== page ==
I think I got this one free in a giveaway from Meikle’s newsletter.
It’s way cheaper than Meikle’s novels on kindle which, I suppose, means my preference for short stories over novels is not shared. It serves as a good sample of a major strain in his work.
Review: Home From the Sea, William Meikle, 2017.
Unlike Meikle’s collection Samurai and Other Stories, this story has only one type of story: entities and creatures that don’t know their place. There’s boundary breeching, lockpicking, and mangled spacetime membranes. Things are roused that shouldn’t be and invade our earth from the ether, the briny depths, and the spaces between atoms.
Surprisingly, for such a tightly focused collection, none of it was stale or boring when reading it straight through. There was only one story I had a very minor gripe about.
“The Doom That Came to Dunfeld” is the one original tale here and quite an effective horror story. Its narrator tells us what happens when the British government tries to repeat the legendary Philadelphia Experiment off the coast of Newfoundland post-WWII. They want to make a warship invisible. What they get is a dissolving warship and a killer fog.
Meikle has a real knack for the sea horror story and shows it even better with “Home From the Sea” which has a group of Irish men on a rescue mission to take men off a whaler floundering off shore. But they’re already dead, and their killer still on board.
“Amoeboid” was the story I have a minor gripe with. The British Rocket Research Group in 1956 finds a bit of gunk on one of their high altitude research balloons. It seems alive and growing and headed down the sewers. A very fun and wonderful Blob-type story with scientists instead of teenagers battling the alien menace. Still, I’m not sure you would get off quite that easily with all the sulfuric acid they spray around.
“The Invisible Menace” may be related to “Amoeboid” given it shares a similar setting, same governmental unit, and at least one similarly named character and is also narrated in the first person. An attempt to build a force field to counter Soviet ICBMs results in the lovingly described destruction of many parts of London. I didn’t like its alien menace as much as the one in “Amoeboid”, but I did appreciate the summer blockbuster-style destruction more than the B-movie scale of the other story.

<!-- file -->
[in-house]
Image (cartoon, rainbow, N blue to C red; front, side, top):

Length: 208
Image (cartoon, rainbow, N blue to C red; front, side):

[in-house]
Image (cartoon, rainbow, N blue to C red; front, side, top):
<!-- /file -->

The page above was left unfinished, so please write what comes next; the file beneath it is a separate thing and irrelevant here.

A couple of these stories I’ve looked at before: “Inquisitor” and “SymbiOS”. The first I looked at in Samurai and Other Stories. The second still worked for me after first reviewing the cyberpunk Cthulhu anthology Eldritch Chrome for Innsmouth Free Press, so I’ll just repeat what I said there: its hero gets more than he expected after he buys a brain implant in order to find his way back to gainful employment. What do you expect when you use something that’s a combination of flatworm and some tar-like substance found in the Antarctic?
“From Between” is essentially the back story Glasgow PI Derek Adams reads about in Rhythm and Booze.
There are a lot of pastiches here.
William Hope Hodgson’s Carnacki shows up in “The Island of Doctor Munroe” and “The Larkhill Barrow”. The first has Carnacki called by an inventor to his island off Scotland. After being shown all sorts of steampunk technology, Carnacki learns that Doctor Munroe is not so much an inventor as an amanuensis of dark forces. “The Larkhill Barrow” is an interesting mixture of accidental magic, an old barrow, and early sound recording technology. It also seems to be the back event alluded to in Meikle’s Sigil and Totems novella Pentacle.
Sherlock Holmes investigates some bad beer in “The Colour That Came to Chiswick”. Despite the title suggesting H. P. Lovecraft’s “The Colour Out of Space”, the two really only share a colorful invader from space.
Arthur Conan Doyle’s Professor Challenger is called to investigate some crisped vegetation and strange sights in the sky over Edinburgh in “Ripples in the Ether” which has a quite clever reason for its monster’s behavior and why it’s shown up now.
One of my two favorite stories in the collection, “The Tenants of Ladywell Manor”, is also a pastiche of sorts. I was pleased at the first sentence placing the story in Bath, England, a lovely city. But then I saw the names of the characters and realized it’s Meikle’s takeoff on Jane Austen’s Persuasion. But it’s not a crude “mash up”. Meikle retains some of Austen’s characters for his own plot which has the love of a good woman saving a man – even from abominable horrors.
I like modern Cthulhu Mythos stories that use technology post-dating Lovecraft. Its nuclear technology, not really new now, in “The Terror That Came to Dounreay”. Its narrator investigates why a nuclear research facility in remote Scotland is being troubled by some elusive presence.
“#Dreaming” is a remarkable piece of Mythos updating. As you may guess, it answers the question about how 21st century Cthulhu would get followers: Twitter, of course. It was my other favorite story in the collection.
A remarkably entertaining collection for anyone looking for Lovecraftian fiction or stories about dangers beyond our ken.